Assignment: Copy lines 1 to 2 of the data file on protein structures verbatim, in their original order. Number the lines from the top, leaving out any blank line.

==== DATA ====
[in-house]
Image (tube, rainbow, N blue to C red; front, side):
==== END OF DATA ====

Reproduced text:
[in-house]
Image (tube, rainbow, N blue to C red; front, side):